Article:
After the Supreme Court tossed the Medicaid expansion portion of Obamacare and said it would be up to states to opt-in, Gov. Brian Sandoval said "oh dear we must wait and see, mustn't we?" which to the highly overrated governor's credit is actually a more rational response than the flat-out "hell no" delivered by most of Sandoval's fellow Republican governors.
Nevada's Democratic legislative leadership, meantime, took a firm and strong stand in favor of ... Sandoval's wait-and-see approach. An exception was Democratic Assembly Health and Human Services Committee Chair April Mastroluca, who shamefully raced to reinforce wingnut narratives and said "I don't think it would be in our best interests to expand right now."
(Harry Reid had the sense, or at least the political investment in Obamacare, to tell the truth: that given the enormously generous federal payments [never less than 90 percent of the cost of expansion] and Nevada's traditionally sky-high rate of uninsured low-income people, Medicaid expansion in Nevada is a "no brainer.")
If state officials are going to freak out about the cost of Medicaid, they should know, as Bill Clinton pointed out while thoroughly demolishing Republican policy in Charlotte, that Mitt Romney proposes to slash federal Medicaid spending by a third over the next ten years. That means states will be forced to dramatically curtail Medicaid services, or pick up more of the tab on their own. Perhaps at some point between now and the election, Romney apologist Brian Sandoval might explain why his candidate wants to shift a huge financial burden from the federal government to Nevada, and why that is such a good idea.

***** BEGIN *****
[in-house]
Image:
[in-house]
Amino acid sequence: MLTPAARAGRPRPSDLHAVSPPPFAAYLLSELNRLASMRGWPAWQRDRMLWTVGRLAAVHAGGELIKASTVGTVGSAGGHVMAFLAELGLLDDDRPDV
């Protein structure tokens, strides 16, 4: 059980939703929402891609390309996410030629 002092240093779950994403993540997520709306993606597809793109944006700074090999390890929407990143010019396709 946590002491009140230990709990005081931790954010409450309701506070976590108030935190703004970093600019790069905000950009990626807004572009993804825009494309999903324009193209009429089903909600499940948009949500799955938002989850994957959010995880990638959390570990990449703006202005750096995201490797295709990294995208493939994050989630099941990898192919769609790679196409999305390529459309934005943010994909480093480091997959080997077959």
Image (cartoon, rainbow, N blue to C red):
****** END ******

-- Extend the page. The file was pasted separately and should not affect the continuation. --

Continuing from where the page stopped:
Dean Heller should also be forced (media? hello? anyone?) to explain why this is such a good idea -- Heller, after all, has already voted to shift Medicaid costs to states at least twice when he voted for the original Ryan budget.
Every third word out of Shelley Berkley's mouth is Medicare. Might she be coaxed into hammering Heller on Medicaid, as well?
Medicaid is known primarily as the program that provides health care for low-income mothers and children. But as Clinton pointed out, a huge portion of Medicaid spending is used to provide nursing home and Medicare premium assistance to none other than Berkley's holy sacred senior citizens.
It is tempting to suggest that Heller either hates poor kids and their poor grandma, or he thinks that the state of Nevada (already one of the cheapest states in the nation) needs to spend less on education and infrastructure so it can spend more on Medicaid. But either suggestion assumes Heller's support for gutting Medicaid was a deliberate act of policy sentience instead of a thoughtless knee-jerk political reaction.
In any case, Sandoval and Heller, and Joe Heck too -- to say nothing of the Romney Nevada campaign and the rest of the "Team Nevada" corporate Republican machine -- are championing a policy that will either cost the state hundreds of millions of dollars or, more likely, deprive health care to Nevada's most vulnerable citizens. It would be nice, not only politically but, you know, for the poors, if Nevada Democrats could take a few minutes out of their busy schedule to pound the living shit out of Nevada Republicans on this issue. Ooh, look, another diamond ad. Sigh.